House Democrats on Friday released a $38.8 billion budget proposal that includes $1.4 billion in new taxes, including a new capital gains tax and changes to the business and occupation tax.
Money raised from the new taxes would fund education, including operating costs, all-day kindergarten, smaller class sizes through the 3rd grade and college readiness programs.
“Without investment, you can’t have a return on investment. That’s what this budget is,” said House Majority Leader Pat Sullivan at the budget rollout on Friday.
The budget spends an additional $588 million in cost-of-living pay raises and health benefits for teachers. While allocating $412 million to reduce class sizes for kindergarten through 3rd grade, it does not fully fund Initiative 1351, the class size reduction measure passed by voters last year.
Lead budget writer Rep. Ross Hunter said he believes the budget meets the mandate to fully fund basic education in the McCleary decision by the state Supreme Court. “I think the court will be fine with this,” he said.
The budget would freeze tuition at the state’s colleges and universities for the next two years, and also provide $8 million dollars for a new Washington State University medical school that was given the green light to open by the Legislature this week.
The budget also funds more mental health beds in community facilities and state hospitals, as well as $5.1 million for “Joel’s Law.” The bill is named after Joel Reuter, who was shot by Seattle police after having a mental health breakdown. It allows families to appeal to a court if mental health professionals decide not to involuntarily commit someone who is mentally ill.
“We want to make sure people can get the help they need at the time they are having a crisis,” Hunter told reporters.
Among the largest sources of new revenue is a capital gains tax, which would raise about $570 million for the two-year budget.
Individuals who earn more than $25,000 in profits on the sales of stocks and bonds, or married joint filers earning more than $50,000 in profits, would pay a 5 percent capital gains tax under the proposal. It would not apply to retirement accounts.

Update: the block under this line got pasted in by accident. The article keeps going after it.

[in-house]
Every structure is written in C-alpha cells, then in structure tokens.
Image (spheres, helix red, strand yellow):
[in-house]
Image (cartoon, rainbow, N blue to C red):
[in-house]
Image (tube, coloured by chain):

Budget leaders estimate about 32,000 Washington residents would begin paying the capital gains tax starting in 2016. “This is for the super wealthy,” said Rep. Reuven Carlyle, D-Seattle.
Critics say the capital gains tax is too volatile to use as a reliable source of revenue, which Democrats acknowledge. “We’re not pretending anything other than that,” said Carlyle.
To protect against fluctuations, Carlyle said the budget only counts on $400 million a year from the capital gains tax to go toward paying for basic education requirements. Any additional money raised above that threshold would go into a higher education fund.
Another $532 million in new revenue would come from changes to the business and occupation tax. It would increase the B&O tax by 0.3 percentage points for certain businesses, while also reducing or eliminating the tax for about 15,000 small businesses.
Online retailers that do not have a physical presence in Washington — such as eBay or Etsy — would be required to start collecting tax from online transactions. Currently, only companies with an presence in Washington, like Amazon, collect tax from online sales.
Democrats also propose eliminating several tax breaks. Out-of-state residents would no longer be exempted from paying sales tax when they shop in Washington, and sales tax would be added to the cost of bottled water. It also eliminates a tax break for oil refiners and other industries, including travel agents.
Lead Republican budget writer Sen. Andy Hill criticized the budget for imposing new taxes when the state has $3 billion in new revenue coming into the state. “When you don’t use that to pay for education and instead you use taxes – quite frankly, I don’t know if that’s unconstitutional or just unconscionable,” he said. (more…)